Dr. Mehdi observed that Plaintiff appeared to be a reliable historian, had no obvious pain, and had no difficulty walking, standing, or removing her socks and shoes. (AR 227.) Examination of Plaintiff's cranial nerves revealed a "[p]ositive finding of the left lower face weakness and a small scar which was remote and did not show any significant features except for facial weakness." (AR 228.) Plaintiff had dysesthesias*fn2 on the cheek area. Further, because of the facial weakness, Plaintiff had difficulty "blowing out her cheek." (AR 228.) Her eyelid muscles were not weak, and Plaintiff's upper face was not weak. (AR 228.) Dr. Mehdi indicates that the "rest of the cranial nerve examination from II-XII were normal." (AR 228.)

Dr. Mehdi provided diagnoses of left partial facial nerve injury and headaches. (AR 228.) He opined that

[b]ased on the claimant's history and examination, she has no limitations with lifting, carrying, standing, walking or sitting. No exertional imitations. No limitations regarding her use of her hands. She has no limitations with vision, speech or hearing. She has partial weakness of the left facial nerve which is producing asymmetry of her face and perhaps could be suffering from headaches which may or may not be secondary to the facial nerve injury which is old and chronic. (AR 228.)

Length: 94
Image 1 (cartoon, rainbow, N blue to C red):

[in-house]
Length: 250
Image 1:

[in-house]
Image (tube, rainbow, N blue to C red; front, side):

On July 26, 2007, state agency physician Ernest Wong, M.D., reviewed Plaintiff's medical records and opined that Plaintiff had no exertional limitations; Plaintiff could frequently climb stairs, balance, stoop, kneel, crouch and crawl. (AR 231.) Dr. Wong also opined that Plaintiff had no manipulative, visual, communicative, or environmental limitations other than avoiding concentrated exposure to hazardous machinery and heights. (AR 231-32.)

On October 26, 2007, state agency physician James V. Glaser, M.D., reviewed Plaintiff's medical records and affirmed Dr. Wong's assessment. (AR 245.)

In December 2007, a treating clinician at Sierra opined that Plaintiff was not disabled (AR 252), but in June 2008, Plaintiff was given a temporary three-month disability certification because of facial neuralgia (AR 249).

B. Administrative Proceedings